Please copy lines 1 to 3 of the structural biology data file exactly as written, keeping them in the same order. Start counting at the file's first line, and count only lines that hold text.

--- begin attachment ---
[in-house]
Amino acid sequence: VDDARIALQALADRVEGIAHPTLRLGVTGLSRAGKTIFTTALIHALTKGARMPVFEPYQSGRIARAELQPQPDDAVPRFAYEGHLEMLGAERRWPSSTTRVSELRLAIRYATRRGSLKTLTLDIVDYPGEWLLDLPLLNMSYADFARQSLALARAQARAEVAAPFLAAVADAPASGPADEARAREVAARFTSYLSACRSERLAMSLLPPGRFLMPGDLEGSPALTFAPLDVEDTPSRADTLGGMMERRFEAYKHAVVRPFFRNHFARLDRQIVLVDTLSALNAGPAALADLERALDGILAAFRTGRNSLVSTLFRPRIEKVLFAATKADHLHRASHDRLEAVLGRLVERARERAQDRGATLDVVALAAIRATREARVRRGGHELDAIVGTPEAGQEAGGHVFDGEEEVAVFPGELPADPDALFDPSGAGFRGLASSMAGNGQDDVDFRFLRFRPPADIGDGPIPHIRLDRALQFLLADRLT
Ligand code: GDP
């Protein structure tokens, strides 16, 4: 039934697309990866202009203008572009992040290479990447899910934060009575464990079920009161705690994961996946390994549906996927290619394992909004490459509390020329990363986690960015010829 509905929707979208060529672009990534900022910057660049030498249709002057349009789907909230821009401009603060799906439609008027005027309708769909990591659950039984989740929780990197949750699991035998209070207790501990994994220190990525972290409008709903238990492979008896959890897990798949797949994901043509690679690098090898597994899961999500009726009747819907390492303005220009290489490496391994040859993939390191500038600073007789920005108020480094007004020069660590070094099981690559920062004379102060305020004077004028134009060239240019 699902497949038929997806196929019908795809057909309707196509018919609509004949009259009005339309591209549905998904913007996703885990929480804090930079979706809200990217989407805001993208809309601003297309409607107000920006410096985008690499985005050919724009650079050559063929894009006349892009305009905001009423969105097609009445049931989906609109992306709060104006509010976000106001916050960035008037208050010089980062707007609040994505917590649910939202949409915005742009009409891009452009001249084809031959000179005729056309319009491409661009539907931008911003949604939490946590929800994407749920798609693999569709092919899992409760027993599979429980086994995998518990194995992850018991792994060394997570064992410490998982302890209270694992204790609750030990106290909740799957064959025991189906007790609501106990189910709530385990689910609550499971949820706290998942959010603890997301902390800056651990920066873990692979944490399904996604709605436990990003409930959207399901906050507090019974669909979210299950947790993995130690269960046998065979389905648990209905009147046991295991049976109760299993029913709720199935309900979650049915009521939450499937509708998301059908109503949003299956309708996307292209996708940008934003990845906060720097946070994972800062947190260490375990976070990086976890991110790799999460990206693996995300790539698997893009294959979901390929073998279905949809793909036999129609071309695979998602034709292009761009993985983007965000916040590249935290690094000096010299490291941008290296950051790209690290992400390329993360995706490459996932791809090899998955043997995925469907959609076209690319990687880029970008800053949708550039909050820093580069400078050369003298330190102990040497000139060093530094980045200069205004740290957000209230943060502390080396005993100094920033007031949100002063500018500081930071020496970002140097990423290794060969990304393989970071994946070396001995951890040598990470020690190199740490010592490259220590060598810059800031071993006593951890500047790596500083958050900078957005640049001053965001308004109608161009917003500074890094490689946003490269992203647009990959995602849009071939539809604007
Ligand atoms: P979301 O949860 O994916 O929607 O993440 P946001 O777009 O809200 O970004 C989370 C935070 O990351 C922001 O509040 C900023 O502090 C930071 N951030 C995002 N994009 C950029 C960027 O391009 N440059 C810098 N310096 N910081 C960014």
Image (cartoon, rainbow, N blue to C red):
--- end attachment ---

[in-house]
Amino acid sequence: VDDARIALQALADRVEGIAHPTLRLGVTGLSRAGKTIFTTALIHALTKGARMPVFEPYQSGRIARAELQPQPDDAVPRFAYEGHLEMLGAERRWPSSTTRVSELRLAIRYATRRGSLKTLTLDIVDYPGEWLLDLPLLNMSYADFARQSLALARAQARAEVAAPFLAAVADAPASGPADEARAREVAARFTSYLSACRSERLAMSLLPPGRFLMPGDLEGSPALTFAPLDVEDTPSRADTLGGMMERRFEAYKHAVVRPFFRNHFARLDRQIVLVDTLSALNAGPAALADLERALDGILAAFRTGRNSLVSTLFRPRIEKVLFAATKADHLHRASHDRLEAVLGRLVERARERAQDRGATLDVVALAAIRATREARVRRGGHELDAIVGTPEAGQEAGGHVFDGEEEVAVFPGELPADPDALFDPSGAGFRGLASSMAGNGQDDVDFRFLRFRPPADIGDGPIPHIRLDRALQFLLADRLT
Ligand code: GDP